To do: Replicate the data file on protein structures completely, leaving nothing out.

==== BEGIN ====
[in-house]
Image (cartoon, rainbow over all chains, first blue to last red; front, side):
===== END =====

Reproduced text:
[in-house]
Image (cartoon, rainbow over all chains, first blue to last red; front, side):